Variable Electro Precipitator™

The purpose of this summary is to discuss the technical differentiation of the Variable Electro Precipitator™ (VEP). Most Electro Coagulation units are based on using a single large reaction chamber with multiple plates or electrodes. With the VEP, the design incorporates the use of multiple small reaction chambers. The reaction chambers have a unique design that allows the number of plates that are activated, the spacing of the plates to be controlled, and the current density and polarity to be varied while the unit is in operation. These features are extremely important for effective commercial operation because in most all cases there is (1) some variance in the input water, (2) a continuous change in the plate electrical characteristics due to either plate buildup of materials on the plates or deterioration/sacrifice of the plates, and (3) a need to occasionally back flush or reverse the polarity of the plates to refresh them. In summary, the VEP can be deployed in a fashion that allows the operator to vary “on the fly” either manually or automatically each parameter in the following table.

Active Plate Material Plate spacing Flow rate per reactor and chemical treatment per reactor (series or parallel operation) Current density & Polarity across plates

The EC challenge in commercial operation is to maintain consistent performance and minimize maintenance expense and energy consumption. The ability to have separately controllable reactors solves these challenges. However, there are clearly some applications where the input water is consistent; the current flow requirement is low, and only slow wear to the plates. In those cases, numerous EC designs can work to some degree, but there would typically still be benefits from the VEP due to lower cost of operation. The goal of the VEP design is to sustain a long EC unit life with a continual low cost of operation and high uptime.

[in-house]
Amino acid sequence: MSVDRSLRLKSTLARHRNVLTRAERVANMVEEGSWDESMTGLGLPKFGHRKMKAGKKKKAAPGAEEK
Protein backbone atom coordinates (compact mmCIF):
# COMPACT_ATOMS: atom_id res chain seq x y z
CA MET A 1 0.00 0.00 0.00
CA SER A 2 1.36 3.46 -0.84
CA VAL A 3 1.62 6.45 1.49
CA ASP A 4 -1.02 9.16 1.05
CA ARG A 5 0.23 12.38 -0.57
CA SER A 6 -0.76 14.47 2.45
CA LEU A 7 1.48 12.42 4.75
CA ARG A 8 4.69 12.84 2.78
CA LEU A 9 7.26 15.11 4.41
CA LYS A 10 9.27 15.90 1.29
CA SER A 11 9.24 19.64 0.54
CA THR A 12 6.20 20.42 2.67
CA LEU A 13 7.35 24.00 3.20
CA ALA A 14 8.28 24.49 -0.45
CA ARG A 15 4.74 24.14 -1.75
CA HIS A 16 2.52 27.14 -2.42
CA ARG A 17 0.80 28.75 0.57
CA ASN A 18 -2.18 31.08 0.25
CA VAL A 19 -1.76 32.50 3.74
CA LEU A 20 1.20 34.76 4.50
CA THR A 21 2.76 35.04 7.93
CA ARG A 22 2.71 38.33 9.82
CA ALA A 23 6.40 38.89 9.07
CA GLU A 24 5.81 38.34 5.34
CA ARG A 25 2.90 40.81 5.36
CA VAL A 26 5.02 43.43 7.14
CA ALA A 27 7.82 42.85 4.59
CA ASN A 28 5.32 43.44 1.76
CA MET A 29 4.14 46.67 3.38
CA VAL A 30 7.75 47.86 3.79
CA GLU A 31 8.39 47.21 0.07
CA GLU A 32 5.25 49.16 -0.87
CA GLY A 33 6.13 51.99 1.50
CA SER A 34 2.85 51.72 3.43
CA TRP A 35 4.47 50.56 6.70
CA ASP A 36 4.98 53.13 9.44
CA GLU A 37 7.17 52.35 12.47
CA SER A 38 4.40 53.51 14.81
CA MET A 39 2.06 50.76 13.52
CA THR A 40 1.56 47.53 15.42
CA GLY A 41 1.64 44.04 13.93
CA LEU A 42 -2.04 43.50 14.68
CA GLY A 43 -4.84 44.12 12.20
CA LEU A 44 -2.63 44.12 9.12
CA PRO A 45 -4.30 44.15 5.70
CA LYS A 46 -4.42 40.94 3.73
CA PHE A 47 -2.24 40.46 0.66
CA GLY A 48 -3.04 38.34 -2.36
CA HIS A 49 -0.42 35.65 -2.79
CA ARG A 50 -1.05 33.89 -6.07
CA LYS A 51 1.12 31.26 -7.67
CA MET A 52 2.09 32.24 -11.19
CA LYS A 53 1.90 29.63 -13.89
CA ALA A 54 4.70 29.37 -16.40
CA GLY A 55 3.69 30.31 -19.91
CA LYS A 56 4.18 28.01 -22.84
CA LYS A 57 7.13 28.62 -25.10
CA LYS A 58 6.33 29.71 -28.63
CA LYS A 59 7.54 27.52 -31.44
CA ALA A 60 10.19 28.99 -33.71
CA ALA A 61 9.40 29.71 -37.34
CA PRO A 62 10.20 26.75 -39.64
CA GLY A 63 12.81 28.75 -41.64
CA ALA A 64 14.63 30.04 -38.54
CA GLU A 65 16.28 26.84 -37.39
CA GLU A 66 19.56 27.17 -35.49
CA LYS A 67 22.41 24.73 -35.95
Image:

Electrodes

A core component of the VEP is the unique design of the electrodes or plates. This design allows the electrical connection to be outside the reaction chamber and also allows the selection of plate to be physically or electrically adjusted. This is an important differentiator compared to other manufacturers as otherwise the electrical connection will weaken or corrode and cause hot spots or arcing. The unique electrode design provides a consistent current density and also creates the appropriate turbulence and mixing to prevent channeling. In many cases where bacteria kill is a criterion, effective mixing is essential.

The electrodes must be installed in proper order for the unit to treat water effectively depending on the treatment scheme as sequence of metal type and polarity is critical. The reactor unit will require different electrode configurations for different applications, but will typically use from six to thirteen plates depending on size of the reaction chamber and water chemistry. Depending on the properties of the water, the electrode plates required may be all metal (Zn, Al, Fe) , or a combination of metal and carbon. In the event that the reaction chamber has a combination of electrode plates, the chambers are designed to use the plastic electrode spacers in place of two of the electrode plates.